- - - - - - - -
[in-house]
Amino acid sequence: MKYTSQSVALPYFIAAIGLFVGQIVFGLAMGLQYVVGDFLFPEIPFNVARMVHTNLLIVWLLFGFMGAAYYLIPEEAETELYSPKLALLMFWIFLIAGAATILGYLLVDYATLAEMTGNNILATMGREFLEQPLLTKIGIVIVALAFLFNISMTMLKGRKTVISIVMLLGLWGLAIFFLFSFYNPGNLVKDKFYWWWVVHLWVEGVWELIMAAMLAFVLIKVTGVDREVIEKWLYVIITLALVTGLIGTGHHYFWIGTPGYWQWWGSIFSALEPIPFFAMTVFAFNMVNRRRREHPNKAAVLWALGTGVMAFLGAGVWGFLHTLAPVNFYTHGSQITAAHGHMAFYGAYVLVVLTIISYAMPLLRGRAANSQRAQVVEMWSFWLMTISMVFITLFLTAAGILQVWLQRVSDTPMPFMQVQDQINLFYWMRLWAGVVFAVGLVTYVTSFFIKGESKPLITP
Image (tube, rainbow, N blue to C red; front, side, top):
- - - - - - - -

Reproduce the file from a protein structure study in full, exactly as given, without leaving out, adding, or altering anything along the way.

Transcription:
[in-house]
Amino acid sequence: MKYTSQSVALPYFIAAIGLFVGQIVFGLAMGLQYVVGDFLFPEIPFNVARMVHTNLLIVWLLFGFMGAAYYLIPEEAETELYSPKLALLMFWIFLIAGAATILGYLLVDYATLAEMTGNNILATMGREFLEQPLLTKIGIVIVALAFLFNISMTMLKGRKTVISIVMLLGLWGLAIFFLFSFYNPGNLVKDKFYWWWVVHLWVEGVWELIMAAMLAFVLIKVTGVDREVIEKWLYVIITLALVTGLIGTGHHYFWIGTPGYWQWWGSIFSALEPIPFFAMTVFAFNMVNRRRREHPNKAAVLWALGTGVMAFLGAGVWGFLHTLAPVNFYTHGSQITAAHGHMAFYGAYVLVVLTIISYAMPLLRGRAANSQRAQVVEMWSFWLMTISMVFITLFLTAAGILQVWLQRVSDTPMPFMQVQDQINLFYWMRLWAGVVFAVGLVTYVTSFFIKGESKPLITP
Image (tube, rainbow, N blue to C red; front, side, top):